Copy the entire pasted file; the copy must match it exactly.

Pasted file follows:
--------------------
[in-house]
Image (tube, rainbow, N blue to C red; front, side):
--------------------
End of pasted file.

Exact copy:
[in-house]
Image (tube, rainbow, N blue to C red; front, side):